LIVE OAK, Fla. — The staff at the Melody Church Thrift Store wanted to do something.

When the news broke March 13 that schools across the state were closing for two weeks, discussions began at the Melody Thrift Store on how could they help out in Live Oak.

The solution: brown bag lunches for the students who now wouldn’t be receiving one at school.

“Our staff was talking and trying to figure out different ways that we could bless the community and this was what our staff decided upon,” said Heidi Hofer. “We just knew that kids depend on their school lunches.”

They have helped provide those lunches all last week and are continuing through this Friday. They serve, starting at 10:30 a.m. until they are out of lunches, out in front of the store on Ohio Ave. South and also deliver to apartment complexes around town, including Phillips Pines, Village Oaks, Silas Oaks, Horizon Circle, the Wayne Frier mobile home park and McMillan Heights.

And business has picked up. What began with 175 lunches served March 16 hit 300 before the end of last week.

“When we go into the neighborhoods, they now are looking for my car coming and then they’re telling their friends,” said Hofer, who delivers the lunches out of the back of her vehicle.

The Melody Thrift Store has also been serving up more than lunch — on Friday, the lunches included a pre-packaged peanut butter and jelly sandwich along with a bag of chips, a pack of cookies as well as a piece of fruit and a drink.

In addition to the nourishment for the body, the group has also been providing nourishment for the mind, too. They serve up free books along with the meals.

“They’ve been very popular. It’s been great,” Hofer said. “We just wanted to make sure the kids are still reading and doing something. So they’re not just sitting at home and watching TV.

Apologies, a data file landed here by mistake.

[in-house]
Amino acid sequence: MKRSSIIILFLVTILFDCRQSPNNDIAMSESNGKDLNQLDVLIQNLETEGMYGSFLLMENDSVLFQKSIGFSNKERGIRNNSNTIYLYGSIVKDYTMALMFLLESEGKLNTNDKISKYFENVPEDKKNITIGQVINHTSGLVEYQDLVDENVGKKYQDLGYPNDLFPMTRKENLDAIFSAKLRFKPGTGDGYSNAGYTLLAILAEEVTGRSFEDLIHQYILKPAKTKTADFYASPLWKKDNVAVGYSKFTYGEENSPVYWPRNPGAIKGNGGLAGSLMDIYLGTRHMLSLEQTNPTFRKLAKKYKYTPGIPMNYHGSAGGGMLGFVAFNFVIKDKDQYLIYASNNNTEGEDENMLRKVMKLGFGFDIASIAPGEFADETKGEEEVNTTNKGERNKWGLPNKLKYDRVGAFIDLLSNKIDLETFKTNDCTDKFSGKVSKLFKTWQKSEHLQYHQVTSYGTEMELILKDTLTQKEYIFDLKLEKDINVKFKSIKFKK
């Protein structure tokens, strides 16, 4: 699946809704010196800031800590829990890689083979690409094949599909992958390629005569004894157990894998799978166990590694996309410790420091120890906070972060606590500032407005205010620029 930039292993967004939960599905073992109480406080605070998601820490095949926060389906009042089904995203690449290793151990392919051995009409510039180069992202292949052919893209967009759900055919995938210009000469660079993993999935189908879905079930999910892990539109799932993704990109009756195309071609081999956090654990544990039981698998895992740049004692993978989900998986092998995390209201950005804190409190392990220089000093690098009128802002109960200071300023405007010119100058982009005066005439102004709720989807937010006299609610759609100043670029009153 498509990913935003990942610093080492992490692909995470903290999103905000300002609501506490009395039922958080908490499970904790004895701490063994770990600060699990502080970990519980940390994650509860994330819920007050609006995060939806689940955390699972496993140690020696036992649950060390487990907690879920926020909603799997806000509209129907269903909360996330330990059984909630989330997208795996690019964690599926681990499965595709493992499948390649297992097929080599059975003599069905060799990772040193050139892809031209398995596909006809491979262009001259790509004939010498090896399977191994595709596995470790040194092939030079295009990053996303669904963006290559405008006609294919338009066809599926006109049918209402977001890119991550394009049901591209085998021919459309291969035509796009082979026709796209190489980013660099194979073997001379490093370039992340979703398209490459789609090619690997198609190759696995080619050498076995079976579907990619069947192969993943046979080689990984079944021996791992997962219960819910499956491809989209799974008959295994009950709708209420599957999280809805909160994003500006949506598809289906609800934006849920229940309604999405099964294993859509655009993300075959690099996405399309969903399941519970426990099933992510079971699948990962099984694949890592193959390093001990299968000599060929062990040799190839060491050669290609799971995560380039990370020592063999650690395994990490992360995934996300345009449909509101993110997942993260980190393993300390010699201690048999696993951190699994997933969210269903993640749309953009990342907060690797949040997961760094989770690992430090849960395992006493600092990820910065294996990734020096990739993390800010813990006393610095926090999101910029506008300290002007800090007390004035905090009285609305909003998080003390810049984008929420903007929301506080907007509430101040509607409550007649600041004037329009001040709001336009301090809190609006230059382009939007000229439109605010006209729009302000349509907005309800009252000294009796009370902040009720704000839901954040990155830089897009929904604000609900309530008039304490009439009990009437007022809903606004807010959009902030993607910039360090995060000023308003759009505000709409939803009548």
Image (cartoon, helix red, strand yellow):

“A lot of libraries have shut down, so parents don’t have access to that even and if they don’t have books at home or if they’ve already read that same book a million times, we just wanted to make sure they were still reading.”

That desire to fill a need in the community during the Coronavirus (COVID-19) pandemic has sparked something in others, too. Hofer said after the staff came up with the idea March 13 or 14, they announced it at the Melody Church service March 15 and received the backing and donations to supply the lunches for the first week.

Since, community members have provided donations that allowed the group to expand it through this week when the Suwannee County School District’s food service department will begin providing food starting March 30.

Hofer said one company donated boxes of graham crackers. Somebody brought in grapefruit from a tree in their yard. Hoover Family Farms Produce Market supplied a box of tangerines that became the fruit in Friday’s bag. The Suwannee High ROTC donated Powerades since there is no current need for concession stands at sporting events.

“This is just one way that we could help the community,” Hofer said.

Jamie Wachter is the editor of the Suwannee Democrat, Jasper News and Mayo Free Press.

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